During the calcinations of the catalysts, in-situ XRD was performed to examine changes and characterization in both Os and Pt support crystal structure. The diffraction patterns during these experiments for the 10% Os catalysts on ZrO2 and 10% Pt catalyst on ZrO2 like a referent standard, prepared via solid by solid, IWI and Sol-Gel, were shown in Figs. 2 and 3 respectively. The 10% Os/ZrO2 and 10% Pt/ZrO2 IWI catalyst, showed as cubic crystalline form and small amount tetragonal morphology structure of ZrO2 up until 300°C, diffraction lines at 2-θ values of 18.0°C, 20.0C°, 25.0°C, 28.0°C and 37.0°C for Os/ZrO2, and 28.0°C, 32.0°C, 40.0°C, 47.0°C and 67.0°C for 10% Pt/ZrO2, respectively (Forzatti, et al., 2008; Hao, et al., 2009). A narrowing of these peaks indicates the development of increased crystallinity. The diffraction patterns in Figs. 2 and 3 for 10% Os/ZrO2 and 10% Pt/ZrO2 Sol-Gel shows different transformation behavior than the catalyst prepared by IWI or solid by solid. At 300°C, Sol-Gel reaction low crystalline phases were observed, but broad peaks associated with tetragonal form of the ZrO2 appeared at, the sharpening of the tetragonal form ZrO2 peaks (Kohyama, et al., 2015; Haruta, et al., 1993). The diffraction lines from tetragonal ZrO2 appear and grow with increasing 2-θ. The diffraction well describes as cubic crystalline phase, although it contains a small amount of tetragonal impurity. Crystalline Os or Pt-oxide phases were detected slightly through XRD in either the Sol-Gel or the IWI preparation.
Laser Raman Spectroscopy
Raman spectra were obtained on powdered samples at room temperature using a Raman Renisaw model 2100 spectrometer with a 10-x microprobe in the back scattering geometry and a 785 nm argon ion laser (Ozbek, et al., 2014). Figs. 4 and 5 show the laser Raman spectra taken over the impregnated solid by solid, Sol-Gel and IWI of the 10% Os/ZrO2 and 10% Pt/ZrO2 catalysts at 300°C, respectively. The ZrO2 bands at 182, 388, 195, 380 cm-1 are typical tetragonal form and 1516, 1607, 1535, 1610 cm-1 are typical of cubic form of the ZrO2. For the 10% Os/ZrO2 and 10% Pt/ZrO2 catalysts, the ZrO2 bands were visible (Wang, et al., 2011; Pérez, et al., 2005). The broadening of the ZrO2 bands may be attributed to interactions with Os and Pt species and disorder in the oxygen sub-lattice (Rivallan, et al., 2009). The lack of metallic osmium raman bands at lower calcinations temperatures on the ZrO2 supported samples suggests that Os does not form as readily on the surface as compared to the ZrO2 support. This difference in surface Os was likely related to the differences in CO oxidation activity observed over the ZrO2 catalysts. These results indicate that osmium and platinum were presents in the 10% Os/ZrO2 and 10% Pt/ZrO2 catalyst (Rivera, et al., 1993; Rodriguez, et al., 2013). The lack of clearly visible vibrational bands from the ZrO2 support in the sample Os/ZrO2 can was explained by the smaller Raman cross- section of cubic and tetragonal forms of ZrO2.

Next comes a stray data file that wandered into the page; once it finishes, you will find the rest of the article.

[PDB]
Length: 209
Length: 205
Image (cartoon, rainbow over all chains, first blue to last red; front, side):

The adsorption spectra of the 10% Os/ZrO2 and 10% Pt/ZrO2 were obtained to examine the types of surface species using a FT-IR Nicole Protégé Model 470 (Wade, et al., 2006). For 10% Os/ZrO2 Sol-Gel impregnation, the high wave number region in Fig. 6 exhibits bands at 3500 cm-1 that correspond to terminal, bi-bridged, and tri-bridged OH groups, typical of the OH vibration of physically adsorbed H2O. For Sol-Gel, IWI and solid by solid were observed by a combination band at 2900 cm-1 and the C-H stretch at 2800 cm-1. In the low wave number region, Figs. 6 and 7 were observed from the band at 1484 cm-1 as well as the C-H bending and symmetric C-O stretching modes at 1379 cm-1 at 1358 cm-1, respectively (Zou, et al., 2010; Xianyong, et al., 2010). Other bands in the 1000-500 cm-1 have been assigned to ionic carbonate at 1484 cm-1 which shifts to 1440 cm-1 and carbonate species at 1300 cm-1 and 700 cm-1 (Daniel, et al., 2010).